One Bite At A Time?

That’s the way to eat an elephant, I believe.

Well, I’m just about to receive the musical equivalent: my 73-CD box set of the Grateful Dead’s 1972 European tour. All 22 concerts, originally recorded on 16-track tape and now lovingly re-mastered by people who love the Dead’s music. With a shedload of information and ephemera, packed in a ‘flight case’ with new graphics by Stanley Mouse (example on left) in the same vein as his work with Anton Kelley for the initial release, it certainly looks like a huge beast to tackle.

I will listen to the Bickershaw Festival performance first, as that’s the one I attended and I need to hear if my memory has been lying to me. But after that, I’ve no idea. There are some of the 60-odd songs I don’t need to hear multiple times (although only two songs were played every night) but, even then, the one I skip may be the best version….

Any suggestions? Other than ‘Seek psychiatric help’, obviously.

While you cogitate, here’s a version of Good Lovin’ from Bickershaw, one of the last examples of Pigpen doing his thang while the boys in the band do theirs.


Mmmm..Nutty !

Firstly an apology.
I didn’t mean to be a Spillhog this week but a post by Dothebathosphere on the RR spurred me on. In it the claim was made that John Zorn’s Omelet Punk had the “best title in the world ever”. Now, this is a bit of a special area for me. I have been know, on many an occasion to purchase a song, unheard, because of the title or the name of the band. Thus I have built up quite a respectable selection of songs with titles of great wackiness and , consequently, I thought I might share a few with you good people.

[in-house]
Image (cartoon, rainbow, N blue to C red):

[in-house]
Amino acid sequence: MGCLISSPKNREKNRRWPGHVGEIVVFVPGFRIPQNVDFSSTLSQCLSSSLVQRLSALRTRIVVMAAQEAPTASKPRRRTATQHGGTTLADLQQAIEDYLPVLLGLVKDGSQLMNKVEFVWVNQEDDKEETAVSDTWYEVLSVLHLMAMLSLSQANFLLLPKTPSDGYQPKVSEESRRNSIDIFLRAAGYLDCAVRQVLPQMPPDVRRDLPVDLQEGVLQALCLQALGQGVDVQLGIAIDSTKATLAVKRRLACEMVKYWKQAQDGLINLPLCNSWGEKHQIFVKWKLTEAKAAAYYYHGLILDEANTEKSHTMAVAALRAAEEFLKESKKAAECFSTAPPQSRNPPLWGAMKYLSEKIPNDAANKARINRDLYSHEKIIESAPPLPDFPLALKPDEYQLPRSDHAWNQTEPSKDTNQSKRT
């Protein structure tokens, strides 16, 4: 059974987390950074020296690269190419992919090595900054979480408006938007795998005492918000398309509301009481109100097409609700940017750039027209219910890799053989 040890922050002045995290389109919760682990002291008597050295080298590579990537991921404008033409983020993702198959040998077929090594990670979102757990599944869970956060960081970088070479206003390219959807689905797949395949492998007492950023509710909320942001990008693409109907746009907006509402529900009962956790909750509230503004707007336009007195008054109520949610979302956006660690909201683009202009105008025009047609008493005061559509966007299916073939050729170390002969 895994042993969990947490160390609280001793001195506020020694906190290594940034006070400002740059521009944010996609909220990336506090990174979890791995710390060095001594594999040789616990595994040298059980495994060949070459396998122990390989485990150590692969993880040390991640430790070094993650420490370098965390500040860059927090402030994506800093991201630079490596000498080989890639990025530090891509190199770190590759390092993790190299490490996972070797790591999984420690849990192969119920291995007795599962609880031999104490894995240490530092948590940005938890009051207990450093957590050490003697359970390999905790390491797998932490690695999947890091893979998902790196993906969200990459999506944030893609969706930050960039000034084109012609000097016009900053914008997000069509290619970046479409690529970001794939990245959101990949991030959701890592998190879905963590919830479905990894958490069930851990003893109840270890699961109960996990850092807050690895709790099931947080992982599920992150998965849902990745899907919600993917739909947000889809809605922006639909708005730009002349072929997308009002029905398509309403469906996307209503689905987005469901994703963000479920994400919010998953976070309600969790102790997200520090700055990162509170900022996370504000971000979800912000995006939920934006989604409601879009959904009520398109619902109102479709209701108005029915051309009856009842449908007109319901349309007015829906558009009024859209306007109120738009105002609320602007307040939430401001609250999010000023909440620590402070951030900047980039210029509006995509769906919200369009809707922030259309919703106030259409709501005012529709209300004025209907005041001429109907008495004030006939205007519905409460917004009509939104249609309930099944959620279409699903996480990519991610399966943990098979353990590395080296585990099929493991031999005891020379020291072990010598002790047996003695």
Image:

Naturally the playlist is somewhat erratic, both in quality and genre, as the title here is the think.
If I were you I’d skip the ones you don’t like.
Or all of them.
That might be best.
Continue reading

New Trwbador: Sun in the Winter EP

Trwbador’s early records established their distinctive pallette of sounds: simple guitar patterns and glockenspiel melodies against off-kilter beats, Angharad van Rijswijk’s pure, quiet voice against unearthly noises, a slow-motion kaleidoscopic collison of folk, pop and electronica.

Their new EP marks a dramatic step forward in the development of their sound, through the simple yet devastating expedient of combining all these elements in the same songs, rather than leaving them side by side eyeing each other nervously. Four entrancing and perfectly-formed songs, like spiderwebs on an autumn morning, glittering, delicate and surprisingly strong. ‘Sun in the Winter’ sets an alienated vocal against robust beats, somewhat in the manner of Leftfield’s Original; ‘Once I Had A Love’ offers pure folk with an electronic counterpoint; ‘Red Handkerchiefs’ plays with multi-tracked vocals, building from an a capella opening to infuriatingly catchy overlapping melodies; ‘Onions Make Me Cry’ is simply lovely – reminding me of Dubstar, in the best possible way – and simply far too short.